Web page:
Hi Alice, I understand having a wood stove for emergency heat and like I said I have one for heating and cooking for my cabin in storage in the event propane gets expensive again but these tiny tiny wood stoves are not good for heating or cooking because the firebox is too small and would only burn a few hours between refills and not enough surface area to prepare a meal.

          For a larger cabin like mine or a permanent cabin a wood stove is a good idea and I would recommend a dual propane and wood stove system but for these tiny houses on wheels I would stick with propane as they are well sealed and insulated they can be heated for cheap.

          I just want people to understand the hassles and safety issues of wood stoves before they buy one because they are “cute” and then regret the decision.

    • Janis
      September 16, 2013, 4:13 pm

      I like the wood burning stoves for many reasons. If you happen to live in the woods, wood is free for the taking and clearing around your property. Secondly, I like the smell and looks of the wood burning. Seems more natural to me than using propane or gas.

      We all have our preferences and to each their own which makes them happy.

  • Joel
    September 14, 2013, 12:46 pm

    This is one of the best video’s I’ve watched on any subject. No loud background music that drowns out the speaker, either. Tory was very articulate, with no stammering, he was direct and to the point. Good job Tory. It was a pleasure watching and listening to you.

    • coffeewitholiver
      September 14, 2013, 1:30 pm

      That is the best video I’ve seen yet describing Tiny Homes.

      Re: wood stoves in a TH, that is the route I will take after moving to my very cold, mountainside property. It is very remote and heavily wooded.

      I am staying away from propane as wood will be free and readily available, plus I’ve lived with wood stoves before and am used to them.

      My home has 2 by 6 studs, and I’m using wool insulation. The floor cavity is filled with 6 inches of insulation and the cathedral ceiling will have 10 inches – all in all a warm and cozy structure, even overnight after the fire has gone out. Given the potential minus 20 degree temps there, I’m not at all concerned about being driven from the house…I can always open windows.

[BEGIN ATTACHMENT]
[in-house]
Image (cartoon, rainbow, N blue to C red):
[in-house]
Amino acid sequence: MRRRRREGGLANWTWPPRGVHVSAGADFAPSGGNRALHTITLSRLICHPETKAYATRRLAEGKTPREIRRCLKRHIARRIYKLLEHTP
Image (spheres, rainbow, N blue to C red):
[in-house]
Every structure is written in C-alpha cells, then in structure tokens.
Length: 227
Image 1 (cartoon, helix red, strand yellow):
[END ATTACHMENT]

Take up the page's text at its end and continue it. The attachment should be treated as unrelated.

I have other concerns about propane – as it burns, it gives off water vapor, and condensation build-up in such a small space is inviting trouble like mold and mildew. Another issue is getting the stuff delivered when roads are bad…I’d need a huge, expensive tank (with huge refilling bills) in order to ensure not running out and literally freezing to death. Then there’s the problem that propane will freeze in such a cold climate. So it’s an alcohol stove and wood stove for me.
      Hope this sheds some light on the reasoning behind choosing a wood stove. 🙂


      • Victoria
        September 19, 2013, 9:43 pm

        I’m looking into wool insulation and am wondering if you installed a vapor barrier on the inside of the house between the wool and paneling or whatever you used.
        Can you tell me why you did or didn’t use a vapor barrier? I’m getting conflicting installation advice and really need some first hand knowledge.

        • coffeewitholiver
          September 19, 2013, 10:36 pm

          Hi Victoria,

          I chose to go with organic asphalt-saturated #30 felt paper and not use a vapor barrier. This stuff is water resistant but not water proof. I’m using it due to my desire to let the wool and the wood studs “breathe” – to all some passage of air and moisture in and out. This isn’t the way to go for every build, though.
          A very useful site with a ton of good information can be found at http://bct.eco.umass.edu/publications/by-title/housewraps-felt-paper-and-weather-penetration-barriers/. The various publications there should be a must-read in my opinion, during the design stage.

          Hope this helps you! 🙂

        • coffeewitholiver
          September 19, 2013, 10:40 pm

          Drat auto spell-correcting! That should have read “to LET some passage of air and moisture in and out”.

          Plus, I’ll be using the rain-screen method of siding.

        • Victoria
          September 20, 2013, 12:01 am

          Thanks for the information, I will definately be checking out the link.


    • Nanny M
      April 5, 2018, 10:52 pm

      Yes, I agree.

  • Dean
    September 14, 2013, 10:31 pm

    As far as costs. I keep hearing $20,000 to $40,000 for a 160 or so tiny house. I find that exhorbitant for a do it your selfer. I just completed a 450 ft2 studio space including heat and a bathroom (toilet & sink with water heater). It required considerable site work, excavation, lots of concrete, permits both local and county, engineering, lots of windows & skylights, fully insulated 2×6 walls, r30 ceiling, significant electrical with a 100 watt sub panel, 4 sets of doors, raised and insulated floor over concrete slab, pine ceiling, etc etc. the only thing done for me was the excavation and concrete pour(20yards). Everything else I did myself. I spent roughly $40,000. Eliminating the site work, engineering, slab, and permits makes it roughly $25,000. Even $20,000 for a 160 ft2 tiny home seems like a lot if you do it yourself. But then again if you have a contractor spending 3 to 4 months at $50/hour you could lend a lot.